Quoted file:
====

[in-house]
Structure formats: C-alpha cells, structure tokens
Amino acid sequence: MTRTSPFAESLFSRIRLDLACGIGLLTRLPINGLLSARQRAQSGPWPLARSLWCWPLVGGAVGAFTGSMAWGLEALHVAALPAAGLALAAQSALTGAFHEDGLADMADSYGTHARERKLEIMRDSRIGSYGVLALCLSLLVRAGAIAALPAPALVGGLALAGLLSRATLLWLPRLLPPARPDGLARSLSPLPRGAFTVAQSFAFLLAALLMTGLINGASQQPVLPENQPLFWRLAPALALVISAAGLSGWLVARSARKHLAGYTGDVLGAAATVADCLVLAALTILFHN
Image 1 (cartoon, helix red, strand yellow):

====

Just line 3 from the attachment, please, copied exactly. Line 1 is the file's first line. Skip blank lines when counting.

Amino acid sequence: MTRTSPFAESLFSRIRLDLACGIGLLTRLPINGLLSARQRAQSGPWPLARSLWCWPLVGGAVGAFTGSMAWGLEALHVAALPAAGLALAAQSALTGAFHEDGLADMADSYGTHARERKLEIMRDSRIGSYGVLALCLSLLVRAGAIAALPAPALVGGLALAGLLSRATLLWLPRLLPPARPDGLARSLSPLPRGAFTVAQSFAFLLAALLMTGLINGASQQPVLPENQPLFWRLAPALALVISAAGLSGWLVARSARKHLAGYTGDVLGAAATVADCLVLAALTILFHN